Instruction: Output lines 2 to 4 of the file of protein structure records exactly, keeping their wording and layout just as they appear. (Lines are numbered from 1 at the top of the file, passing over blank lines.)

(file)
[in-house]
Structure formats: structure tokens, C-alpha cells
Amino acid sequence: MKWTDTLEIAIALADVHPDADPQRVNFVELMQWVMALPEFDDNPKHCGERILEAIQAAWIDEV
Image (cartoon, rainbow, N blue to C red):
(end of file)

Structure formats: structure tokens, C-alpha cells
Amino acid sequence: MKWTDTLEIAIALADVHPDADPQRVNFVELMQWVMALPEFDDNPKHCGERILEAIQAAWIDEV
Image (cartoon, rainbow, N blue to C red):